Monday, February 07, 2011

Learning their language

A small section of my mom's massive collection
of yarn and thread. I'm not a weaver, like she is,
but I think I could pass the basic knowledge test.
Ever felt your forehead or the corners of your mouth tightening in frustration, or your eyelids drooping in fatigue as you listened to someone go on and on about their latest passion, a topic about which you knew nothing? Keep listening, even just a little, and in time you may start to pick it up. You may become like a second- or third-generation immigrant who knows what Grandma's saying when she speaks Spanish, Hindi, or Czech, even if you couldn't put together more than a few sentences of your own in that language. The wall between you starts to crumble. Life becomes more of a shared experience.

My friend K, his wife is one of those women who likes to quilt and sew and do craft projects. K's favorite craft may be beer-making. But he's given himself the husband's class in textiles; he knows the difference between teal and turquoise, and if she asks him to pass the scalpel (or the quilter's equivalent of it), he recognizes the word and is happy to oblige. He doesn't say, "Quilting is her thing. I don't know the first thing about it. Gotta go. The game's on." They have different skills and interests, but neither of them has written off the other's world.  

Have you discovered how much more fun the world can be when you take a little interest in other people's interests? It comes more naturally to me than most, and after spending enough time doing cross-cultural anthropology projects it's almost automatic. It's been my job "to explore strange new worlds, to seek out new life and new civilizations" as they say on Star Trek. 

Someday I'm going to have to write that book, the one about how to learn another language - how to ask good questions about stuff you know nothing about and get people to open up their worlds to you.  Engaging ways to invite people to teach you the basics, to show them you want to learn; that would be an early chapter. How to pick up and use "native terms" to discover how other people tick, that would be another. I want to take those cross-cultural skills and put them in the hands of people who never go overseas but could use a few tools to better engage with the world around them. 

On the other hand, whether this book would sell, whether it would change things for people who read it, might still really depend on the question of motivation. Do you care? Do you want to know what's going on in that person's head or why they do what they do? If that motivation is there, maybe that's more important than all the learning skills I could give you. You may not need to take the class or read the book.  
  • I have to admit, I don't know anything about that. I'd like to know more.
  • Tell me about a project you're working on now.
  • How did you get into this? How did you learn about it? 
  • What are some of the things you've discovered along the way?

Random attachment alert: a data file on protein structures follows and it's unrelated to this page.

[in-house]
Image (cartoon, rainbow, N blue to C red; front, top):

• What's that called? How do you use it? What's the difference between ____ and ____?
  • So a ______ is for ______. Right? What else can you do with it?
  • Can you show me how it works?


@ngie said...

Marti, the concept of basic learning skills has been vital for us on the field not only in the acquisition of language and culture but also in helping other people learn to learn. Really enjoyed reading this post.

Marti said...

Thanks Angie! I had fun writing it. It's much easier to stay motivated to learn when you are living, incompetent, in another culture, but I think the world would be a better place if we brought those skills home, too! The classic text on doing ethnography in English is James Spradley's =The Ethnographic Interview=, a slim paperback that, as a college text, runs some $80 I think. I want to write "Spradley for dummies." I bet you find yourself passing on a lot of helpful, transferable "learning" skills with your kids!

Scott Fields said...

First, let me point out that YOU were the one who opened the door to Star Trek references. I want that clearly established so--at the very least--no one thinks I'm the ONLY Trekker-crouton around here. Having said that. . . .

One of the best Star Trek episodes I ever saw involved the Enterprise encountering a species that had been categorized as "unintelligible" by Starfleet. No one could grasp the rudiments of their language. To bridge the gap between them, the alien captain took Captain Picard down to the planet below where together they faced a common threat--and learned to understand one another along the way. All they really needed was context. After that, the language itself was easy.

That's what jumped to mind as I read your (excellent) entry here. What's most interesting is that this same wall exists between many people who speak the same language. Our separations aren't entirely philological after all.

One last thought on this: wouldn't we love it if people began taking a sincere interest in OUR passions. . . ? Why, then, should we hesitate to make the same attempt with others first?

- Scott

Marti said...

Nice geeky addition, Mr. Scott :-) Yes, Star Trek provides lots of fodder for cross-cultural insight. I think I remember that episode... A similar one made it into one of my newsletters I believe. When I lived in Sofarawayistan we used to watch them together.

It's human nature to tune out stuff we're not interested in. But if we value the people who are interested in what we're not interested in, we might take an interest... and find the world that much more - interesting!

Thanks for your comment!